Wątki polityczne w oskarżeniach kierowanych przeciwko biskupom w późnym cesarstwie rzymskim
Political motivation in charges against bishops in the Late Roman Empire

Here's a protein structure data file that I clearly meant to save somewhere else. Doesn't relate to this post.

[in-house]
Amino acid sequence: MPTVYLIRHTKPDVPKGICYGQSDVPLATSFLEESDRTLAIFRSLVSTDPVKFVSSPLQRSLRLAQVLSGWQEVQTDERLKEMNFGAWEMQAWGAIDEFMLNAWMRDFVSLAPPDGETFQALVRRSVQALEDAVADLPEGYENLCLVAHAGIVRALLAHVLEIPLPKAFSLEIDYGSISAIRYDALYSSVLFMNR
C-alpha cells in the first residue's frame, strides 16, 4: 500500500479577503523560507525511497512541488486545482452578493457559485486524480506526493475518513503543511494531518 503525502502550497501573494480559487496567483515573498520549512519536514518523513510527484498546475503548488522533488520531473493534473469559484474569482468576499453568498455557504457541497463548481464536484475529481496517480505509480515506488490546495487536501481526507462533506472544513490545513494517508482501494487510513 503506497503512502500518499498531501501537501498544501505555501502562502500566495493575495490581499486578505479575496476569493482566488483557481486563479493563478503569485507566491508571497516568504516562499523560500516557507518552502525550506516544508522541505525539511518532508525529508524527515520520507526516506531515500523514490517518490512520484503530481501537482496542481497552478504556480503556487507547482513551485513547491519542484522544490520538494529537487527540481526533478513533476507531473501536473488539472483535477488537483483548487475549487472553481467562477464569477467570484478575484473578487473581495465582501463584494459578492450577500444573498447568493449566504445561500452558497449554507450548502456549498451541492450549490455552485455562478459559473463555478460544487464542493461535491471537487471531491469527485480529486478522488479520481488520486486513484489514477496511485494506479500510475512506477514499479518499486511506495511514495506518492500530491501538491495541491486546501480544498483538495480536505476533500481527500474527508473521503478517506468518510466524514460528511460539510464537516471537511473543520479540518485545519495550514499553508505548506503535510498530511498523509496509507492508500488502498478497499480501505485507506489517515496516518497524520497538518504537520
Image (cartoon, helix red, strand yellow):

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The Church, which since the time of Constantine the Great had participated in the political life of the Empire, clashed continually with institutions of the state. That is why a political accusations also appeared frequently in the charges put against clergymen. It is worth noticing that such charges were levelled not only by emperors and their officials but also bishops themselves. The emperors utilised the indictments as a means of eliminating from the life of the Church and state personages that stirred up trouble. It also happened, however, that it was the political misconduct which was the main reason for imperial hostility towards certain bishops, like John Chrysostom. However, in this case the charges brought against him, with one exception only, referred to entirely different matters and were formulated - as we can infer - so as not to harm the reputation of the imperial court. In order to receive imperial support, clergymen were eager to make use of political charges to avoid any official references to the doctrine of the Church and differences that split the Christians. The most frequent charges include questioning of imperial orders which concerned ecclesiastical issues, which frequently led to an organised or spontaneous rebellion. Other accusations concern high treason and embezzlement of the funds received from the emperor to conduct charity actions. The third most frequent charges accuse the clergymen of support given to the emperor’s political enemies.
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